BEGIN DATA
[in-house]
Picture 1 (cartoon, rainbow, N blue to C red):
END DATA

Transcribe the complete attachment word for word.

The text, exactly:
[in-house]
Picture 1 (cartoon, rainbow, N blue to C red):